Adjusting Shutter Speed
Shutter speed goes hand in hand with the aperture setting on your camera. They both influence how much light enters the camera & therefore the lighting of your photography. If you don’t know what shutter speed is, visit “What is Shutter Speed?” and “Shutter Speed Settings” to learn more. In this photography tutorial we are going to focus on the how and not the why – how to adjust the shutter speed.
First off, as a beginner, your camera is most likely set to that oh so comfortable “auto” mode. We want to get out of our comfort zone and start understanding how our camera works- how to adjust the shutter speed. Switch to manual mode: twist your mode dial to the “M”. Once in manual mode you will be able to choose and control your shutter speed & Aperture.
After you enter the correct shooting mode you’ll want to find your camera’s command dial (See photo below). Depending on the mode you choose this dial will either adjust your shutter or aperture settings. In manual mode it does either and in the case of this camera you use the +/- button to toggle between the two settings. As you turn the command dial you can look through the viewfinder and see your shutter speed is being adjusted and the overall exposure is changing. This exposure is shown by a +0.0 style output. The higher the number the more overexposed you will be. You can also see your shutter speed & aperture settings by looking at your LCD screen. The goal (theoretically) is to have a perfect 0.0 exposure.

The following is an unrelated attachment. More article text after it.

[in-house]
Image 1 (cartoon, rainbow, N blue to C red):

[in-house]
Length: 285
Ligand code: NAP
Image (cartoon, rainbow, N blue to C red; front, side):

Shutter Speed Measurements
Your shutter speed is measured as the time that the shutter is open. Your camera may be able to keep the shutter open for many minutes and be as quick as just 1/1600 second. Remember that the setting is typically a fraction of a second so the higher the number on the bottom of the fraction the faster the capture and the less light that gets into the camera.
Shutter Priority Mode
If shutter speed means the most to you (which it does in this tutorial) you’ll want to try out the shutter priority mode. The priority modes allow you to do half the work and the camera to do the other half. In the case of shutter priority mode we’re adjusting the shutter & the camera will adjust the aperture to be sure we have a good exposure. The shortcut for the shutter priority mode is shown as either an “S” or a “Tv”.
One More thing…Your Camera is Limited
Remember that a faster shutter speed is for fast action shots but can bring in less light while slow shutter speeds catches more motion which shows up on photos as blurs. This can be a cool effect, yet if not done properly you’ll have poor results. Keep in mind that your camera has limits. If the shutter speed is 1/60 or slower (like 1/30) you should be using a tripod to avoid camera shake. If you have low light and want to make your shutter speed quick enough to avoid camera shake (1/100 or faster) you must keep in mind your aperture is only able to open so much. Standard apertures are limited to f/3.5 and even smaller when the are zoomed in so be aware that you may need a tripod to improve the lighting. It’s important to remember that your camera isn’t the only element in good photography.